Why volunteering matters in gender-based violence intervention in Cambodia

Publication
Asia and the Pacific
Making a difference: An assessment of volunteer interventions addressing gender-based violence in Cambodia (Partners for Prevention, 2010) highlights the crucial role and the far-reaching positive effects that community volunteers play in the prevention and response to gender-based violence.

Making a difference: An assessment of volunteer interventions addressing gender-based violence in Cambodia (Partners for Prevention, 2010) highlights the crucial role and the far-reaching positive effects that community volunteers play in the prevention and response to gender-based violence. This research was conducted in Cambodia by Partners for Prevention, which is a regional joint programme on the prevention of gender-based violence for Asia and the Pacific implemented by the United Nations Development Programme (UNDP), the United Nations Population Fund (UNFPA), the United Nations Entity for Gender Equality and the Empowerment of Women (UN Women) and the United Nations Volunteers (UNV) programme.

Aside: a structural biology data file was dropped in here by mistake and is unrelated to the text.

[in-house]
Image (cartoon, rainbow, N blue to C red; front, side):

In Cambodia, one reason why volunteering matters is because it addresses the needs of survivors of violence.  Living in the communities, volunteers bring added value to gender-based violence interventions as they have a better understanding of the particular situations, and are also available for support. They help to prevent violence by sharing information and raising the awareness of potential perpetrators.

Volunteering satisfies the needs of organizations because, with the help of volunteers, they can improve the coverage (including remote areas), impact and sustainability of their community programmes. Volunteers are trusted and stay engaged with the communities after their assignments are completed. They also help to build human resource capacity of the organizations they work for by providing technical expertise and support.

Finally, volunteers themselves are pleased with the change that their work produces and it motivates them to continue. They are also gratified and encouraged by the recognition and respect they receive from survivors, communities, non-governmental organizations (NGOs), and even perpetrators. Volunteers appreciate the knowledge and experience they gain through their work, and feel a positive change in self-growth and their place in their families and communities.